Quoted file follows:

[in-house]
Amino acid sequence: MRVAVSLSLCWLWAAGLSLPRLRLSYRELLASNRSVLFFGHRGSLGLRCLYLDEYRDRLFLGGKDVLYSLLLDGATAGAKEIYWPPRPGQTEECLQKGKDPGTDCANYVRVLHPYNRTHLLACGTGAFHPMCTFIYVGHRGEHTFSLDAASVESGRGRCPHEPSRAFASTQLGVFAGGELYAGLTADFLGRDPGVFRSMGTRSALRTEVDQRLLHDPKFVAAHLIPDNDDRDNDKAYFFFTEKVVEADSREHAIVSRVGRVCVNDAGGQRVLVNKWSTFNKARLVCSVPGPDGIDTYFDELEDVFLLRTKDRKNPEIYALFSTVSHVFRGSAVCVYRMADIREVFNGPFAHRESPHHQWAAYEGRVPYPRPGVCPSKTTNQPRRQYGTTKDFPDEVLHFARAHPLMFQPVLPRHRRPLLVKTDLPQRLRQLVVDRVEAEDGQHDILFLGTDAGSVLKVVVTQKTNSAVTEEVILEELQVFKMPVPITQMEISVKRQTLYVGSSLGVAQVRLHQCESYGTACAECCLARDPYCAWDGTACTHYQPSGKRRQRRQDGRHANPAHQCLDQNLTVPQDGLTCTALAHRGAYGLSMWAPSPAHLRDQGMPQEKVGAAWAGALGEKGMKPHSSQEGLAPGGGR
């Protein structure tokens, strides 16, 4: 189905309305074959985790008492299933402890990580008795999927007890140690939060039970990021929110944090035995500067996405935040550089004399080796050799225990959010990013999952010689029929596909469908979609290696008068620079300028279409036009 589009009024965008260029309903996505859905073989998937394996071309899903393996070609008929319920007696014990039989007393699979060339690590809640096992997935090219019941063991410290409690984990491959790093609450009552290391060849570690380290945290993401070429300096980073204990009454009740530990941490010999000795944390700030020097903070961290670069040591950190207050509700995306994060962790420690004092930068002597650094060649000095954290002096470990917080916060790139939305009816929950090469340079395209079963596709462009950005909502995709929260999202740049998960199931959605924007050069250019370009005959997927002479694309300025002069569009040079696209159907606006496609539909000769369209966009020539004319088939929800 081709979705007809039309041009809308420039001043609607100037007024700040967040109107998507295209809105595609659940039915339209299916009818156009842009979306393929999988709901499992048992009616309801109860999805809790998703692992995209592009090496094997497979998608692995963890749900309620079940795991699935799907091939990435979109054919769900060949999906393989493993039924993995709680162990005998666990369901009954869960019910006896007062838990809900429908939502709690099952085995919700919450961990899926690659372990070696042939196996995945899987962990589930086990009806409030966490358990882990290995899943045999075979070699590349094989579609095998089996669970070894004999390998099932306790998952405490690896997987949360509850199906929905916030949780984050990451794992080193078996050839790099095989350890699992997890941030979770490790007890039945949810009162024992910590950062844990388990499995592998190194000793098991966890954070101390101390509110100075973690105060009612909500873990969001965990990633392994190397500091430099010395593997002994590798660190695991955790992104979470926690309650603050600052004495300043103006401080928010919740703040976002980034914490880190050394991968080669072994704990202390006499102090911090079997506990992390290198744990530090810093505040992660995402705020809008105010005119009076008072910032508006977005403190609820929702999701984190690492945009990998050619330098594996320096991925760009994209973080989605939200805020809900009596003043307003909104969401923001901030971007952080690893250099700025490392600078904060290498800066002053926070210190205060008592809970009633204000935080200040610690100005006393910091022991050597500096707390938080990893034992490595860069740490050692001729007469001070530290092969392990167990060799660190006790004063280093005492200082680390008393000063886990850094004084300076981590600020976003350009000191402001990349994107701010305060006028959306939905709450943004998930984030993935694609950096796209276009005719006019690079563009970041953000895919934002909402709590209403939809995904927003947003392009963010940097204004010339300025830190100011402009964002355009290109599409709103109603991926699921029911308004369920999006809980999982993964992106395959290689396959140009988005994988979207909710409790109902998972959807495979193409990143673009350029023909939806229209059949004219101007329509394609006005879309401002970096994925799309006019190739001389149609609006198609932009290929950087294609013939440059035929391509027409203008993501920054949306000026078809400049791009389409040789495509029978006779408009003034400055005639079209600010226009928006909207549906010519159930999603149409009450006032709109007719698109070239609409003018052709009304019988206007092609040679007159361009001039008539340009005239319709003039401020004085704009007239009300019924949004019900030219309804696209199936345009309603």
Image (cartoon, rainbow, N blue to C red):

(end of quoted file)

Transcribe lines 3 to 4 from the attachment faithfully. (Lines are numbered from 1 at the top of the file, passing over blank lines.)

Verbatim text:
């Protein structure tokens, strides 16, 4: 189905309305074959985790008492299933402890990580008795999927007890140690939060039970990021929110944090035995500067996405935040550089004399080796050799225990959010990013999952010689029929596909469908979609290696008068620079300028279409036009 589009009024965008260029309903996505859905073989998937394996071309899903393996070609008929319920007696014990039989007393699979060339690590809640096992997935090219019941063991410290409690984990491959790093609450009552290391060849570690380290945290993401070429300096980073204990009454009740530990941490010999000795944390700030020097903070961290670069040591950190207050509700995306994060962790420690004092930068002597650094060649000095954290002096470990917080916060790139939305009816929950090469340079395209079963596709462009950005909502995709929260999202740049998960199931959605924007050069250019370009005959997927002479694309300025002069569009040079696209159907606006496609539909000769369209966009020539004319088939929800 081709979705007809039309041009809308420039001043609607100037007024700040967040109107998507295209809105595609659940039915339209299916009818156009842009979306393929999988709901499992048992009616309801109860999805809790998703692992995209592009090496094997497979998608692995963890749900309620079940795991699935799907091939990435979109054919769900060949999906393989493993039924993995709680162990005998666990369901009954869960019910006896007062838990809900429908939502709690099952085995919700919450961990899926690659372990070696042939196996995945899987962990589930086990009806409030966490358990882990290995899943045999075979070699590349094989579609095998089996669970070894004999390998099932306790998952405490690896997987949360509850199906929905916030949780984050990451794992080193078996050839790099095989350890699992997890941030979770490790007890039945949810009162024992910590950062844990388990499995592998190194000793098991966890954070101390101390509110100075973690105060009612909500873990969001965990990633392994190397500091430099010395593997002994590798660190695991955790992104979470926690309650603050600052004495300043103006401080928010919740703040976002980034914490880190050394991968080669072994704990202390006499102090911090079997506990992390290198744990530090810093505040992660995402705020809008105010005119009076008072910032508006977005403190609820929702999701984190690492945009990998050619330098594996320096991925760009994209973080989605939200805020809900009596003043307003909104969401923001901030971007952080690893250099700025490392600078904060290498800066002053926070210190205060008592809970009633204000935080200040610690100005006393910091022991050597500096707390938080990893034992490595860069740490050692001729007469001070530290092969392990167990060799660190006790004063280093005492200082680390008393000063886990850094004084300076981590600020976003350009000191402001990349994107701010305060006028959306939905709450943004998930984030993935694609950096796209276009005719006019690079563009970041953000895919934002909402709590209403939809995904927003947003392009963010940097204004010339300025830190100011402009964002355009290109599409709103109603991926699921029911308004369920999006809980999982993964992106395959290689396959140009988005994988979207909710409790109902998972959807495979193409990143673009350029023909939806229209059949004219101007329509394609006005879309401002970096994925799309006019190739001389149609609006198609932009290929950087294609013939440059035929391509027409203008993501920054949306000026078809400049791009389409040789495509029978006779408009003034400055005639079209600010226009928006909207549906010519159930999603149409009450006032709109007719698109070239609409003018052709009304019988206007092609040679007159361009001039008539340009005239319709003039401020004085704009007239009300019924949004019900030219309804696209199936345009309603």
Image (cartoon, rainbow, N blue to C red):